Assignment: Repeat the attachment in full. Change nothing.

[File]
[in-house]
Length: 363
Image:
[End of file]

[in-house]
Length: 363
Image: